Population viability might become compromised by the loss of genetic diversity and the accumulation of inbreeding resulting from population decline and fragmentation. The Iberian lynx (Lynx pardinus) provides a paradigmatic example of a species at the verge of extinction, and because of the well-documented and different demographic histories of the two remaining populations (Doñana and Andújar), it provides the opportunity to evaluate the performance of analytical methods commonly applied to recently declined populations. We used mitochondrial sequences and 36 microsatellite markers to evaluate the current genetic status of the species and to assess the genetic signatures of its past history. Mitochondrial diversity was extremely low with only two haplotypes, alternatively fixed in each population. Both remnant populations have low levels of genetic diversity at microsatellite markers, particularly the population from Doñana, and genetic differentiation between the two populations is high. Bayesian coalescent-based methods suggest an earlier decline starting hundreds of years ago, while heterozygosity excess and M-ratio tests did not provide conclusive and consistent evidence for recent bottlenecks. Also, a model of gene flow received overwhelming support over a model of pure drift. Results that are in conflict with the known recent demography of the species call for caution in the use of these methods, especially when no information on previous demographic history is available. Overall, our results suggest that current genetic patterns in the Iberian lynx are mainly the result of its recent decline and fragmentation and alerts on possible genetic risks for its persistence. Conservation strategies should explicitly consider this threat and incorporate an integrated genetic management of wild, captive and re-introduced populations, including genetic restoration through translocations. PMID:24128177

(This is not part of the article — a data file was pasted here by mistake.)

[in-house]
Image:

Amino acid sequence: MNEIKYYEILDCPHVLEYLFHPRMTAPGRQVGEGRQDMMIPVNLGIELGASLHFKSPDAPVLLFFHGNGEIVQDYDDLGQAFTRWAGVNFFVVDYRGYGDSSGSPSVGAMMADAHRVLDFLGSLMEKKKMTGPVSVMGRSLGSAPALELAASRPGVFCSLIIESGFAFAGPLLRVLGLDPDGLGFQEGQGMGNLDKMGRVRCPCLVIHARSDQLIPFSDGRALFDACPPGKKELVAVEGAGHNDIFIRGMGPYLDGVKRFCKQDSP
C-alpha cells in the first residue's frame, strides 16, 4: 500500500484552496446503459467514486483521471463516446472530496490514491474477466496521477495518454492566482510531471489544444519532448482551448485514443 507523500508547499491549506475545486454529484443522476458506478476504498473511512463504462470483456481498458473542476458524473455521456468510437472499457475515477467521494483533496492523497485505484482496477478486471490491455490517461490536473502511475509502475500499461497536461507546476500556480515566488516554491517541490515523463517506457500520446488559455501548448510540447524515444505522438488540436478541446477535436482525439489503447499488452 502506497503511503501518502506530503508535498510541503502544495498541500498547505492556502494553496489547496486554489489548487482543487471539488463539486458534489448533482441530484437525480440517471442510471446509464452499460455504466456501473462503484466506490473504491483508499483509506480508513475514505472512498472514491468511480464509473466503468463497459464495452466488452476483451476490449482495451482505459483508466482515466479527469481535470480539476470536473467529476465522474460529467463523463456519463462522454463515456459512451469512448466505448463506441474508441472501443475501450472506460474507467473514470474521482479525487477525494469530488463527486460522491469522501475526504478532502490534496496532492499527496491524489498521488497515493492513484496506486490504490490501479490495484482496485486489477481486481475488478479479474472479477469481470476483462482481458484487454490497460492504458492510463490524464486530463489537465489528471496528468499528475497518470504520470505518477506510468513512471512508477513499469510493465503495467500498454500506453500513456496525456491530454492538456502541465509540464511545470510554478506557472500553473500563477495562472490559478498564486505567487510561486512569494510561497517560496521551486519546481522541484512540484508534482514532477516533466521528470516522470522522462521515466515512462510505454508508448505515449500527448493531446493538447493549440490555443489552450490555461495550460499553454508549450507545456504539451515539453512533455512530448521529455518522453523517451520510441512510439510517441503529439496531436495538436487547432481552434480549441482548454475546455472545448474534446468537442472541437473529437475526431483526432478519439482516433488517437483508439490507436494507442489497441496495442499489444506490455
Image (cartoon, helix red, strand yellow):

4. Water-soluble LYNX1 Residues Important for Interaction with Muscle-type and/or Neuronal Nicotinic Receptors*

    PubMed Central

    Lyukmanova, Ekaterina N.; Shulepko, Mikhail A.; Buldakova, Svetlana L.; Kasheverov, Igor E.; Shenkarev, Zakhar O.; Reshetnikov, Roman V.; Filkin, Sergey Y.; Kudryavtsev, Denis S.; Ojomoko, Lucy O.; Kryukova, Elena V.; Dolgikh, Dmitry A.; Kirpichnikov, Mikhail P.; Bregestovski, Piotr D.; Tsetlin, Victor I.

    2013-01-01